A senior government official told The Hindu that to devise a strategy to counter the Islamic State threat, “we have decided to come up with a new national policy.”

“To begin with, we will bring all the stakeholders concerned to a common table and share the various strategies that can be adopted,” according to the official.

Since the recruitment by the militant outfit is done online, Union Home Minister Rajnath Singh in June this year gave the go-ahead for the creation of a revamped “cyber security architecture” within the Intelligence Bureau comprising 500 officials.

The need for a specialised wing was realised following the growing threat of radicalisation of youth through cyber means.


2. India facing over 17 cases of international arbitration


India’s move to insert safeguards against offshore litigation follows the initiation of more than 17 cases of international arbitration against it by global companies including Vodafone and Deutsche Telecom under bilateral investment agreements with various countries.

Many of these offshore arbitrations allege tax terrorism by Indian authorities for the retrospective tax notices against several global companies, while some were triggered by the SC’s cancellation of the 2G licences.

“India is unlikely to reverse any policy affecting investments made by foreign investors on Indian soil…We don’t normally roll back say foreign direct investment caps in any sector…however, if something necessitates rollbacks then the BIPPAs (bilateral investment protection and promotion agreements) will protect the government against offshore arbitration…there will also be protection against allegations of tax terrorism,” a top official told The Hindu .

The U.S. is keen to sign the Bilateral Investment Treaty (BIT) to provide comfort to American companies that they will not be treated unfairly in India. India sees it as another way of making itself a more attractive destination to foreign investors.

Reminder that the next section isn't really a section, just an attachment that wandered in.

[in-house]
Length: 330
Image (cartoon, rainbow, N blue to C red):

The commercial and strategic dialogue will be held on September 21-22 in Washington, just days before Mr. Modi lands in the U.S. to attend the UNGA. In particular, in the talks held on Friday, the two sides looked at similar agreements India has already concluded. While the U.S. preferred a model BIT close to the India-Japan CEPA, Indian officials pushed for something closer to the Canadian investment treaty. “The final model BIT could be somewhere between those two,” one official source said.

India is unlikely to reverse any policy affecting investments made by foreign investors here”

3.Modi to visit Ireland, Turkey


After clocking 16 countries between March and July this year, Prime Minister Narendra Modi is all set for the next international tour that will include Ireland, Turkey and the United States, where he will attend the Annual General Assembly meeting of the United Nations in New York in September.

There could also be a possible stopover in Frankfurt on his way back from the U.S.

The Prime Minister will also travel to the U.K. in November and dates are being finalised for his visit to Russia for an Inter-Governmental Commission meeting.

 Mr. Modi, who has earlier travelled to Astrakhan as Gujarat Chief Minister in 2006, is keen that the meeting should be held in the Caspian city. The Astrakhan visit could be towards the end of November or early December.



Astrakhan is an important destination as it is part of the North South Transport Corridor, which is being fast-tracked. The North South Corridor will allow India better connectivity to Russia, bringing down freight rates.

Astrakhan is a city in southern European Russia and the administrative center of Astrakhan Oblast. The city lies on two banks of the Volga River, close to where it discharges into the Caspian Sea at an altitude of 28 meters below sea level.

4.Navy aligns indigenisation plan with ‘Make in India’


The Navy has unveiled a 15-year plan to achieve full indigenisation in all phases of warship construction, from ship-building to systems to weapons, and aligned it with Prime Minister Narendra Modi’s “Make in India.” The Navy wants to involve private industry in a big way in this initiative.

The Indian Naval Indigenisation Plan 2015-2030 is aimed at enabling the development of equipment and systems through the Defence Research and Development Organisation (DRDO) and Indian industry over a 15-year period, the Navy said in a statement.

A warship can be broadly divided into three segments — float, move and fight. The Navy has achieved 90 per cent indigenisation in the float category, while the move (propulsion) and fight (weapons) components stand at 60 and 30 per cent respectively, which are priority areas to be addressed.

Among platforms, a major area of concern is helicopters. “This is one area where there is a huge opportunity for indigenisation of our future naval aviation assets,” Navy Chief Admiral R.K. Dhowan said last week.

The Navy issued its first 15-year indigenisation plan in 2003 and then revised it in 2008. The current revision was done to dovetail it with the ‘Make in India’ pitch. The Navy has individual plans for capacity augmentation — the Indian Maritime Capability Perspective Plan for fleet augmentation, Maritime Infrastructure Augmentation Plan and the Maritime Cooperation Roadmap all of which are from 2012 to 2027.

The plan’s objective is to have a 200-ship navy by 2027 as was recently stated by Vice Chief of Navy Vice Admiral P. Murugesan.